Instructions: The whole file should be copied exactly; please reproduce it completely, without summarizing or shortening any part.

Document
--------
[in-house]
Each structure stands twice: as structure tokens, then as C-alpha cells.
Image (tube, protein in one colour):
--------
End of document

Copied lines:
[in-house]
Each structure stands twice: as structure tokens, then as C-alpha cells.
Image (tube, protein in one colour):